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I’m a sucker for learning. A good teacher is forever filling their brains with new and exciting content. If they don’t regularly practice this discipline, they become stagnant and boring.
That’s my justification for having quite a large recipe book collection. Cooking is akin to writing songs and music…we will never exhaust all tunes and recipe ideas are infinite. As long as we have imaginations these things will exist in new forms.
Inspiration for new ideas that I can adapt and include in class is on hand via my current choice of recipe books sitting on our lounge coffee table. Note I said ‘ideas’. If I use a recipe in its entirety directly from someone else’s repertoire, I always credit the original author.
After 35 years of cooking professionally and almost 20 of those teaching I have the ability to read a recipe and just know if it will work or not. It’s just part of my make-up now. I’m glad to say these days I trust my gut instinct. After learning the hard way, not following my ‘feelings’ and cooking un-delicious dishes I’m pleased to say it is now a rare occurrence!
Three important factors I look for when purchasing a cook book are:
THE NATURAL COOK – Matt Stone
This book intrigued me. I had always admired this young chef who at 22 was leading a new way to cook commercially, working in a strawberry plant covered, Perth CBD restaurant which had a worm farm and kitchen garden on its roof. In late 2009 Matt Stone ran a kitchen like I have never seen before. Milling grain to make flour to make bread?! Recycling hand-basin water in the loos?! Serving drinks in old jam jars?!
7 years later after working with Joost Bakker (environmentalist, restaurateur and creator of The Greenhouse) on many other projects, Matt has written and published The Natural Cook. It is a book which explains his philosophy. I enjoyed reading about ‘old fashioned’ thinking (which is becoming new again) on preserving, pickling and zero waste. It has made me more mindful about my own food choices.
One of my favourite recipes is Roasted Pumpkin, Sprouted Lentils and Tahini Yoghurt. It’s a wonderful summer salad. (I did add chopped rocket, watercress, dill and coriander with blanched green beans and sugar snap peas though.) Sprouting the lentils takes about 3 days but is great fun and adds lots of nutrients to this dish. I did experiment sprouting lentils two ways. Unfortunately, Matt’s method of rinsing then keeping the lentils immersed in water was unsuccessful. The other method was taken from the book I write about below. This involved rinsing then draining the lentils, leaving them in a sieve. And hey presto, 3 days later my beautiful green Australian lentils had sprouted!
I will certainly be making more from this book. Quinoa, Tomato, Radish and Z’Atar Salad and Fermented Pears have both caught my eye. I applaud Matt for sharing what has made him one of Australia’s brightest chefs.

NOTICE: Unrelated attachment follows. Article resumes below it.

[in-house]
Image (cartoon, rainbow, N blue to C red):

CORNERSMITH – Alex Elliott-Howery and James Grant
I read about this picklery located in Sydney many months ago when researching for our Culinary Tours. Signed up to their newsletter and got completely hooked! The philosophy is similar to Matt Stones; zero waste and preserving seasonal produce as well as eating healthy flavoursome fresh food. I LOVE this book. I love their story of how the cafe and picklery started, how a trading system has worked so well and has contributed to building a strong community in Marrickville. May this thoughtful business blossom and grow for all to benefit from.
Every method is explained thoroughly and clearly. This is the platform from which cooks can then experiment with their own ideas, using what they have learned to create their own pickles, sauces and preserves from garden bounty or farmers markets seasonal produce glut. Practical and inspiring.
I’m going to bottle fresh crushed summer-kissed tomatoes as well as make my own passata using Alex and James’ methods. I’ll let you know how I get on.
Oh their Smoky Paprika and Rosemary toasted almonds are excellent. I made mine with cashews and macadamias. Check out the recipe here.
NOPI – Yotam Ottolenghi and Ramael Scully
Yotam Ottolenghi is a genius in the kitchen. His use of flavours and textures is exciting and so different from anyone else. Thank goodness he has shared his skills with us in all his recipe books.
This is the type of book I’ll take a portion of a recipe from and create a new idea around it. Yotam’s Peanut Sauce for example has an explaination “the combination of anchovies and coconut really is fairly unusual and sounds as if just it might not work. Trust us on this one…”. Think about it. What is fish sauce made from? Anchovies! Fish sauce and coconut mixed with other components in an Asian flavoured peanut sauce is pure magic. I love how he has explained ‘why’ he has chosen ingredient combinations or certain techniques to create his own style of food.
Yotam truly understands the taste of ingredients and therefore finds it easy to combine delicious flavour matchings from his imagination. There is a great glossary in this book which is a masterstroke of teaching. This enables the reader if they choose, to continue on a food journey, learning to use ingredients for any number of dishes they care to think up for themselves.
So the peanut sauce will turn up on a plate sometime this month no doubt, I think with juicy smoky BBQ chicken thighs, a crisp Asian style raw salad and a small bed of rice with plenty of lime wedges to squeeze.
Wonder what else I can use it with…
The Natural Cook – Matt Stone
Cornersmith – Alex Elliott-Howery and James Grant
Nopi – Yotam Ottolenghi and Ramael Scully
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